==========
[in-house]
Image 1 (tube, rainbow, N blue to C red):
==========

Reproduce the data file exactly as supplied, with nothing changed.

[in-house]
Image 1 (tube, rainbow, N blue to C red):